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Author Topic: Double lip embouchure  (Read 2516 times)

Offline Airflyte

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Double lip embouchure
« on: August 07, 2013, 06:35:20 PM »
I have been dabbling with a double lip embouchure and have found it more comfortable as well as much more challenging.
Upper notes just fall apart from no support but the lower notes have more \"fullness\" to my ears.
I suppose if keep at it, the upper register will improve but for now it just seems impossible:s

Anyone here care to participate in some \"chop\" talk ???
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Offline DaveLeBlanc

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RE: Double lip embouchure
« Reply #1 on: August 07, 2013, 07:52:59 PM »
the saxophone folks apparently require a double lip in order to get anything done, and it does admittedly give off a louder, stronger, and fuller tone.
however, i have heard that a double lip goes out of tune easily; i\'m not certain of the validity of that statement though.

for bass clarinet, anyways, when you hardly go into the altissimo and stay down low, a double lip really gets that bass booming
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Offline BLMonopole

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RE: Double lip embouchure
« Reply #2 on: August 08, 2013, 03:45:31 AM »
I played double lip for years (and still do on occasion as an exercise).  I found it easier to get to proper clarinet embouchure using double lip which helped me to build strength in my mouth and get to a better tone.  There\'s a tradeoff in that the instrument is less stable, which causes some other issues (and was ultimately the reason I stopped using that approach).

But as I was rebuilding my embouchure, I used it as a strengthening exercise.  Like any other change to embouchure, it can effect tone, pitch, and several other factors, but that\'s the point.....being able to control your instrument through this critical interface.

Offline clarinetcrazie64

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RE: Double lip embouchure
« Reply #3 on: August 08, 2013, 11:49:04 PM »
Quote from: \'TheBlueBeamPolkaProject\' pid=\'1289\' dateline=\'1375925720\'

I have been dabbling with a double lip embouchure and have found it more comfortable as well as much more challenging.
Upper notes just fall apart from no support but the lower notes have more \"fullness\" to my ears.
I suppose if keep at it, the upper register will improve but for now it just seems impossible:s

Anyone here care to participate in some \"chop\" talk ???


i have been using the double lip embouchure more and more as of late... for me, it seems to produce a more pleasing tone... especially in the clarion... but hitting a high C  with double lip can be a challenge..as well as the altissimo register.. so for me, it works fine up to the high clarion B ... it especially works well with my alto clarinet, which has a crappy tone to begin with..especially the clarion register... using double lip though, made it sound almost like a good quality wooden instrument.. which it isn\'t ... anyways, i guess i\'m in an experimental stage with the double lip embouchure..  need more practice with it...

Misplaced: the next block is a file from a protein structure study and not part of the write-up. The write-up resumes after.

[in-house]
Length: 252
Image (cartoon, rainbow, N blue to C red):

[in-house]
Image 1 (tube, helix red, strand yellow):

Offline super20dan

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Re: Double lip embouchure
« Reply #4 on: December 25, 2021, 04:28:18 PM »
sax players do NOT use a double lip. and i feel its a waist of effort and time on clarinet as well. if it was so much better everyone would use it. i have experimented with it and feel it offers no advantage. if you must try to adapt to it-get a duckbill mpc. this makes double lip playing so much eaiser.

Offline DaveLeBlanc

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Re: Double lip embouchure
« Reply #5 on: December 28, 2021, 01:10:46 AM »
sax players do NOT use a double lip. and i feel its a waist of effort and time on clarinet as well. if it was so much better everyone would use it. i have experimented with it and feel it offers no advantage. if you must try to adapt to it-get a duckbill mpc. this makes double lip playing so much eaiser.

No shade, but every jazz saxophonist I've ever seen is going double lipped. When I was playing in college at UCLA it was a pretty even 50/50 split on double lip. For more concert scenes they tended to single lip for a more clear tone, but the jazzers were double lipping all day for more of that tenor sax growl, I suppose.
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Offline LarryS

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Re: Double lip embouchure
« Reply #6 on: December 28, 2021, 10:25:40 AM »
I think double lip was commonplace in the early days of clarinet, and with chalumeau. Also the mouthpiece tended to be upside down, in which case one would have to use double lip to avoid biting the reed.
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